Within then independent Brittany, Château de Clisson, situated at a crossroads for Anjou and Poitou, was one of the great fortified places on the frontiers of the Duchy of Brittany. The first Lords of Clisson occupied the site from the 11th century. They are mentioned for the first time in 1040. Clisson was then the seat of a powerful châtellenie covering 23 parishes.
Most of the present castle was built in the 13th century. Constructed by Guillaume de Clisson, on a rocky outcrop dominating the Sèvre Nantaise, its form at that time was an irregular polygon flanked by round towers and isolated from the rocky plateau by a shallow moat. In the 14th century, Olivier III de Clisson incorporated the gatehouse into a massive quadrilangular keep. The two semicircular towers of the gatehouse collapsed in the 17th century. The castle became the setting for the turbulent lives of Olivier IV de Clisson and Olivier V de Clisson, named Constable of France in succession to Du Guesclin in 1380.
In the 15th century, the fortifications were modernised to permit the use of artillery. In the second half of the century, the former entrance was modified and the curtain wall was extended and completed by a barbican. At the same time, the castle was enlarged to the west with a new rectangular enclosure nearly 100 m long, armed with towers with artillery casemates. After 1420, the castle became the property of the Duke of Brittany. It was one of the favourite residences of Duke Francis II who was remarried there, to Marguerite de Foix in 1474. He built a second rectangular enceinte flanked by artillery towers.
Around 1590, the troubled period of the French Wars of Religion necessitated the construction of three terraced bastions on the south. Thus, three lines of defence in depth protected the site. Until the 17th century, the castle was the residence of the Avaugour family, descendants of François Ier d'Avaugour, illegitimate son of François II. He modified and transformed the castle to suit the tastes and fashions of the day.
During the War in the Vendée (1793-1796), the town and its castle were burned by the Infernal columns of Jean-Baptiste Kléber. In 1807, the estate was bought by the sculptor François-Frédéric Lemot with the goal of conservation. During the 19th century, the ruined castle attracted Romantic painters and sculptors. In 1962, the castle was sold by the Lamot family to the Conseil général of the Loire-Atlantique, who carried out important restoration works with the assistance of the French Ministry of Culture.References:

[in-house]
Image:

The Broch of Gurness is an Iron Age broch village. Settlement here began sometime between 500 and 200 BC. At the centre of the settlement is a stone tower or broch, which once probably reached a height of around 10 metres. Its interior is divided into sections by upright slabs. The tower features two skins of drystone walls, with stone-floored galleries in between. These are accessed by steps. Stone ledges suggest that there was once an upper storey with a timber floor. The roof would have been thatched, surrounded by a wall walk linked by stairs to the ground floor. The broch features two hearths and a subterranean stone cistern with steps leading down into it. It is thought to have some religious significance, relating to an Iron Age cult of the underground.
The remains of the central tower are up to 3.6 metres high, and the stone walls are up to 4.1 metres thick. The tower was likely inhabited by the principal family or clan of the area but also served as a last resort for the village in case of an attack.
The broch continued to be inhabited while it began to collapse and the original structures were altered. The cistern was filled in and the interior was repartitioned. The ruin visible today reflects this secondary phase of the broch's use.
The site is surrounded by three ditches cut out of the rock with stone ramparts, encircling an area of around 45 metres diameter. The remains of numerous small stone dwellings with small yards and sheds can be found between the inner ditch and the tower. These were built after the tower, but were a part of the settlement's initial conception. A 'main street' connects the outer entrance to the broch. The settlement is the best-preserved of all broch villages.
Pieces of a Roman amphora dating to before 60 AD were found here, lending weight to the record that a 'King of Orkney' submitted to Emperor Claudius at Colchester in 43 AD.
At some point after 100 AD the broch was abandoned and the ditches filled in. It is thought that settlement at the broch continued into the 5th century AD, the period known as Pictish times. By that time the broch was not used anymore and some of its stones were reused to build smaller dwellings on top of the earlier buildings. Until about the 8th century, the site was just a single farmstead.
In the 9th century, a Norse woman was buried at the site in a stone-lined grave with two bronze brooches and a sickle and knife made from iron. Other finds suggest that Norse men were buried here too.